UM Sports Hall of Fame Celebrity Dolphin Tournament

Former Miami Hurricanes reconnect during fishing tournament

 

Ray Lewis was among 60 former UM athletes who participated in Saturday’s event that benefitted several charitable causes.

scocking@MiamiHerald.com

Former Baltimore Ravens linebacker Ray Lewis, a two-time Super Bowl winner, didn’t win any prizes in Saturday’s UM Sports Hall of Fame Celebrity Dolphin Tournament in Islamorada. But you couldn’t tell it from the cheers that erupted and the flashes of cellphone cameras as the star former UM linebacker helped weigh seven dolphin to 31 pounds caught by his fishing team aboard the Tropicat.

“I wanted to come back and share with my brothers the importance of fellowship,” Lewis said. “It isn’t hard to bring me back home. We have a special knit family. This trip only bonds us closer.”

More than 60 former Hurricanes star athletes — including Warren Sapp, Ted Hendricks, Gino Torretta, Randal Hill, Melvin Bratton, Michael Irvin and Brett Romberg — were spread among the fleet of more than 90 boats gathered to fish, party and raise money for the UM Hall of Fame, as well as the Buoniconti Fund to Cure Paralysis and Habitat for Humanity of the Upper Keys. Lewis got to fish with his son Ray III, 18, who will play for the Hurricanes this fall. Both caught dolphin in the 20-pound class Saturday, and the father delighted in coaching his son.

“Come on, now, reel down and come up,” the senior Lewis directed. “You can do it, baby.”

The Tropicat’s fishing day was pretty slow until the last half-hour of the tournament when first mate Mario Valladares used binoculars to spot a small flock of sooty terns hovering in about 850 feet of water.

Captain Fritz Herman, standing high in the boat’s tuna tower, steered toward the birds and spotted a cruising bull dolphin beneath them. Herman directed Valladares where to pitch a live cigar minnow, and the fish ate it without hesitation. At least a dozen more dolphin of similar size appeared in the area, and most of the members of the Tropicat crew got to land fish.

“I like the ambience of it,” the elder Lewis said of offshore fishing. “It teaches you so much patience.”

The five-person team on A Salt Weapon took the top prize of $3,000 for a dolphin weighing 43.6 pounds caught by Michael Vera of Miami. Vera pitched a ballyhoo to the winning fish in 1,000 feet of water off Islamorada.

Following the tournament, anglers attended an awards dinner and auction at the Postcard Inn Beach Resort & Marina.

Read more Outdoors stories from the Miami Herald

  •  
Greg Shaughnessy, left, and Dillon Justice show off a large snook they caught and released using a SpoolTek lure in Jupiter Inlet.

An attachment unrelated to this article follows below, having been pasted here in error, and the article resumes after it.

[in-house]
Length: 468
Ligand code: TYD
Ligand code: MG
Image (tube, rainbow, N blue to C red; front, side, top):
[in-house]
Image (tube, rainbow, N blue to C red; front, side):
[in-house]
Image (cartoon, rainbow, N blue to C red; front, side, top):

Outdoors

    New SpoolTek lure catches monster snook in dark of night

    There’s an oft-repeated bromide that nothing good happens after 2 a.m., but that’s not necessarily true when it comes to snook fishing. Snook angler extraordinaire/fishing tackle maker Dave Justice insisted that that’s when he, his son Dillon, 18, employee Greg Shaughnessy and I should test his latest innovation, the SpoolTek, for catching huge linesiders in Jupiter Inlet.

  • Fishing Report

    South Florida fishing report: Aug. 20, 2014

    Captain Jimbo Thomas from the charter boat Thomas Flyer out of Miamarina at Bayside reported that large schoolie dolphins have been pretty thick along a giant weedline that has been located between 20 and 25 miles offshore of Miami.

  • South Florida outdoors notebook: Aug. 20, 2014

    Bassbusters Florida will hold silver and gold division team tournaments Saturday and Sunday out of Roland Martin’s Marine Center in Clewiston. Register at 5 a.m. both days. Weigh-ins will begin at 3 p.m. For more information, call Chris Fickey at 941-232-9539.

Miami Herald

Join the
Discussion

The Miami Herald is pleased to provide this opportunity to share information, experiences and observations about what's in the news. Some of the comments may be reprinted elsewhere on the site or in the newspaper. We encourage lively, open debate on the issues of the day, and ask that you refrain from profanity, hate speech, personal comments and remarks that are off point. Thank you for taking the time to offer your thoughts.

The Miami Herald uses Facebook's commenting system. You need to log in with a Facebook account in order to comment. If you have questions about commenting with your Facebook account, click here.

Have a news tip? You can send it anonymously. Click here to send us your tip - or - consider joining the Public Insight Network and become a source for The Miami Herald and el Nuevo Herald.

Hide Comments

This affects comments on all stories.

Cancel OK

  • Marketplace

Today's Circulars

  • Quick Job Search

Enter Keyword(s) Enter City Select a State Select a Category